It might be 2018 before the Supreme Court addresses potentially groundbreaking issues in redistricting with major implications for many states, including Indiana.
With a Republican president, the congressional majorities may no longer offer knee-jerk opposition to anything that comes from the White House.
Unless the courts intervene, redistricting reform in Indiana requires a statute or a constitutional amendment, both of which require approval of both chambers of the General Assembly, which has lacked the will to add Indiana to the growing list of states that have achieved redistricting reform.
Trump has given us no basis to judge what we can expect from a his presidency on the major issues facing the country.
Trump now implies that the NATO treaty itself has become unenforceable, but he provided nothing to support that conclusion.
Who knows whether the third parties will draw more from Clinton than from Trump, but the most recent polls show Clinton’s high single-digit lead over Trump in a two person race falls to a virtual tie if Libertarian and Green candidates are in the race.
It is the responsibility of all of us as citizens, and particularly those in respected leadership positions in every aspect of American society, to speak out publicly and, importantly, enlist public media to point out the consequences of electing a buffoon as our president.
Two critical questions are unanswered. Does the U.S. Constitution place limits on partisan gerrymanders? If so, how do the courts distinguish legitimate maps from impermissible ones?
The IU Public Policy Institute recently placed a top priority on leadership development and quality of life in communities of all sizes. These can be advanced by private initiative with or without government support.
Governmental actions classifying people by nationality, like race and gender, rarely survive judicial scrutiny.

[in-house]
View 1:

The present law establishing the process for selecting Marion County judges has been held unconstitutional. So Sen. Mike Young, chairman of the Senate Judiciary Committee, and four other senators from Marion County have proposed a bill to overhaul the process.
The challenge is to establish a test to distinguish unconstitutional infringement of voters’ rights from disparities that result from legitimate considerations or from the natural concentration of some populations. Help may be on the way.
The bipartisan proposal to raise the salaries of city-county councilors and the mayor was certainly reasonable. (The mayoral raise has since been withdrawn.)
It was clear from the commission’s first meeting, largely introductory, that there is a wide range of opinion among the members as to the need for any change, and the nature of any desired reform.
The Legislature will get first crack at a new system, hopefully one that eliminates campaign finance and dependence on any interest group and also vets candidates for thoughtfulness, experience and patience.
Justice John Paul Stevens retired in 2011 after 35 years of distinguished service on the U.S. Supreme Court. He has now published a book advocating adoption of six amendments to the Constitution.
Like almost everyone familiar with the Marion County courts, I applaud Mayor Ballard’s proposal to address the long-recognized need for a judicial center. The proposal would leave the civil courts in the City-County Building but consolidate the criminal courts and their associated agencies in one complex.
Mayor Ballard proposes to create a judicial center that would bring the dispersed offices of the criminal courts, prosecutor, public defender and perhaps other agencies together with the county jail in one facility at a location to be determined, and free up the jail site for development.
Legislatures in Iowa and California have seen the wisdom of eliminating partisan gerrymandering and the polarized bodies it generates. The call for redistricting reform is growing now that the federal government has been shut down and the nation’s credit and the world’s economy threatened.
Those of us who have seen the progress Indianapolis has made over the last several decades are justifiably proud of what has been accomplished. At the same time, most thoughtful observers agree on the need to address a range of problems—notably crime, fiscal pressures, education, transportation and neighborhood development.